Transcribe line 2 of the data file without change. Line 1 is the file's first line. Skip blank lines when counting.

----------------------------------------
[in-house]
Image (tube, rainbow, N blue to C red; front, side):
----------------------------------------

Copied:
Image (tube, rainbow, N blue to C red; front, side):